This seems obvious, but it’s something that we can forget. When you’re out at the park, try to make sure your dog can lay in the shade, even if you want to lay in the sun. Or, if you’re leaving your dog in your yard, make sure they have shelter and plenty of shade to lie under all day long.
Remember that the sun moves throughout the day and so what may be shady in the morning could be sunny in the afternoon. It’s a good idea to stay home one day and watch where the sun goes in your yard. There isn’t shade available all day long. You’ll need to provide some sort of structure that they can cool off under.
3. Never Shave Their Coats Down
You may have already gassed this tip, but Great Pyrenees are one breed that should never be shaved down.
Shaving a Great Pyrenees coat for the summer, and puts them at higher risk for hyperthermia. This is because their coat is designed to keep them cooler in the summer. If you take away Great Pyrenees’ top layer of their coat, they have no protection from the sun. Left with only their downy underlayer they can get sunburned and quickly overheat.
If you’ve already shaved your Great Pyrenees, don’t worry. You’ll need to keep an extra close eye on them this summer but, their coat will grow back eventually.
4. Use A Fan Or Air Conditioning
If it’s hot inside or outside, a fan or air conditioning can work wonders.
If you live in a warm area, you probably already utilize these things to cool down. Try to remember that your dog is just as hot as you are. If you’re leaving for the day or just a few hours, make sure that you leave the air conditioning on for your pet. Although it’s expensive, it’s important to keep your Pyrenees cool.
If your Pyr is outside, you can try leaving a large fan near their beds. But, some dogs might be scared off by the noise and the movement of a large fan. Give it a trial run one day when you’re home to make sure that it doesn’t bother your dog and unintentionally move them closer to the sun.
5. Try Going For A Swim
Do you know that some Great Pyrenees love water?
Technically, these dogs aren’t built to swim. However, some individuals from this breed love the water and our great swimmers.
Taking your dog to swim for the first time can be a little nerve-racking. You never know what they’re going to do. If you’re nervous about taking your dog to the lake or the beach, for the first time, make sure you have a good harness and a leash on them. If they decide to do anything crazy you’ll have a good hold on them.
It’s not a bad idea to purchase a life jacket beforehand for some peace of mind. Click here to read about a few of our favorite life jackets that fit a Great Pyrenees.
If you don’t want to, or you aren’t able to take your dog for a swim, you can always try offering them a kiddie pool. In some ways, kiddie pools are even better for cooling off than lakes, rivers, or oceans. That’s because a great Pyrenees can just lounge and relax in it. They’ll get all the cooling effects of the water without any of the warming effects of exercise.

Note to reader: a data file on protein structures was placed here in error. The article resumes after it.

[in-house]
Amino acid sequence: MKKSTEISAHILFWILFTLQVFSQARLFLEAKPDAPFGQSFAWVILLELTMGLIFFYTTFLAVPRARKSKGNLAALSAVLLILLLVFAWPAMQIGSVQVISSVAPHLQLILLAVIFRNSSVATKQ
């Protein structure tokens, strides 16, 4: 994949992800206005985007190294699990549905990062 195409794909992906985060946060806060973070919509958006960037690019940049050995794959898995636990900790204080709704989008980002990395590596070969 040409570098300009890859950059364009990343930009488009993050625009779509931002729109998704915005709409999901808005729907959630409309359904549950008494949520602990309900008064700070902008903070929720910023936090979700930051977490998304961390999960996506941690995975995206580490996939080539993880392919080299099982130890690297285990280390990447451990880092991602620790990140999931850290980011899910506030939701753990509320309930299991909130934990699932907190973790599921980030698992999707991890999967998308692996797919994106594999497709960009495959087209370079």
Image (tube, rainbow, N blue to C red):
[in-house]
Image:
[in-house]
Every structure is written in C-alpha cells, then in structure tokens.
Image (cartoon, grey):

Check out the video below of a few Pyrs hanging out in a kiddie pool to cool down together.
6. Get An Elevated Or Cooling Bed
Another way to help your Great Pyrenees cool down is to upgrade its bed for the summertime. Traditional dog beds can hold a lot of heat in their stuffing and insulation. In the summer, you might want to consider a different type of dog bed.
Elevated dog beds can be good for dogs with arthritis as well as for helping dogs to stay cool. There are also cooling beds made especially for dogs. These beds are usually made of a special material that stays cool. Sometimes they can be put into the freezer and pulled out for the day.
If your Great Pyrenees spends a lot of time laying down, consider a bed change when the temperature starts to warm up.
7. Make Frozen Treats and Toys
Frozen treats and toys are a fun way to help your Great Pyrenees cool down. You can make frozen blocks of treats at home in your own freezer. You can also try freezing some of your dogs, favorite fruits, or vegetables. Not only will this cool your dog down, but it will probably help maintain and clean their teeth at the same time.
If you want to get creative, you can try making a frozen Kong like the one in the video below.
It can be dangerous for dogs when temperatures start to rise. For a dog like the Great Pyrenees, the heat can be intense and even lead to heat stroke. Luckily, there are plenty of fun ways to cool down your dog.
You’ll always need to provide basics like fresh water and shade. Fans and air conditioning aren’t just for humans but can be used for your dog as well. You can even try offering your great Pyrenees frozen treats or a kiddie pool to help cool down.
Hopefully, this article has provided you with all the tips you need to keep your Pyr cool.